Monday, September 6, 2010

GCNP Boundary: B & F: A comment on the NPCA Grand Canyon report

NPCA & the Park boundary; a case to the point

The National Parks and Conservation Association (NPCA) released last month a report on GCNP, covering a number of park-related matters. Their section on the Park boundary along the Colorado with the Hualapai and Navajo indicates a lack of familiarity with important information about some of the same issues I have been writing about. Here are my comments in purple, following their text in black.

From pp 71-2, NPCA, "State of the Parks; GCNP", Aug 2010

The park and the Hualapai have also worked to address boundary disputes. The Hualapai Reservation was established in 1883, Actually, the Executive Order of 4 Jan 1883 confirmed the 1881 military reservation 
years before the establishment of Grand Canyon National Park. This is tendentious misinformation; The Powell-Harrison GCNP bill was introduced in 1882. Had it been as easy to do a Park as a Reservation, the GC Reserve would have happened 10 years earlier. 
The legislation establishing the reservation Wrong. The reservation was established by presidential order.
 indicated that its northern boundary was the southern shore of the Colorado River; Wrong. The EO used phrases like: on the river, to the river, along the river. Southern and shore did not appear. That indeed was the ambiguity that Congress took care of in 1975
thus, the federal government contended that the river was not included within the reservation, Wrong. The fed never "contended" any such thing. The Indian Claims Commission did make a decision; Congress in 1975 did fix the boundary. Some Interior bureaucrats have since "contended", mistakenly, that the 1975 Act acquired land for the Park on the south to the high water mark
 but instead was a 108-mile boundary between the park and the reservation. To the Hualapai, the Colorado River is the backbone or hakatai’a of their lifeline, and they believe the center of the Colorado River is within their lands. Discovered by the Hualapai attorney when the tribe learned that the fed wanted to build a dam using their land. This point was adjudicated by the Indian Claims Commission, but not in the Hualapai's favor. And of course, the point is that the 1975 GCNP Enlargement Act cleared up any ambiguity by setting the Park boundary on the south bank at water's edge.
 The Department of Interior clarified the boundary through a solicitor’s opinion formally sent to the tribe at their request that places the bound- ary at the historic high-water mark on the south bank of the river; Wrong. The solicitor opinions (there were two) did not clarify, they muddled. By ignoring the history of Congressional action and intent, the solicitors' work invalidated itself by claiming Hualapai land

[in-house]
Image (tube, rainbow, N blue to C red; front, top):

the tribe did not accept this placement. Since 1975, NPS has had the authority to work outside the Park on protecting and interpreting the Grand Canyon with other agencies and entities, especially the Hualapai. It has largely failed to do so. Had cooperation started 35 years ago, instead of falsely claiming Hualapai land to the high water mark, much good might have been accomplished. 
In early 2000, the Park Service and the Hualapai signed a memorandum of under- standing formalizing a government-to-govern- ment partnership, acknowledging different interpretations of the boundary, but agreeing to cooperatively address the area of dispute in the Lower Gorge, now identified not as the bound- ary, but as the “Area of Cooperation.”  NPS would be better advised to obey the law, and do its job instead of trying to undo what Congress accomplished. The notion that NPS can thwart the will of Congress by waving away the boundary is moot on its face. It may be that NPS is afraid to deal with the Hualapai as their activities affect river traffic and Park visitors, but that doesnt give it the power to scrap the boundary for an "Area of Cave-in".

A related debate also exists with the Navajo Nation over the park’s boundary as defined by the 1975 Enlargement Act. The park administra- tive boundary defined by this law included Marble Canyon lands, an area also included within the lands of the Navajo Nation. The 1975 Enlargement Act was passed with the intention of meeting Navajo concurrence, but concurrence was never given. Of course not. Again, NPS had the authority to work with the Navajo on protection and interpretation of the Canyon, but has not done so. 
 A solicitor’s opinion supports the Park Service’s contention of the boundary location, one-quarter mile east of the Colorado River and the Canyon Rim. There is no NPS "contention";  to the contrary. The 1934 Navajo Boundary Act and NPS actions over the last 70 years make clear that the Park Service has yielded and never acted upon any assertion of jurisdiction over the east side of Marble Canyon. The Navajo Reservation, like the Hualapai, comes to the edge of the river.
 Though interaction with the Navajo continues, the boundary contention remains unresolved. The GCNP administrators over the past 35 years have had ample opportunity to show their willingness to cooperate under the 1975 Act's grant of authority. They have failed to do so, to the Canyon's and the public's detriment. Since NPS has never asserted any jurisdiction over east Marble, I doubt that "unresolved" is accurate. Substitute for "remains unresolved" the phrase "is a dead issue for all concerned".

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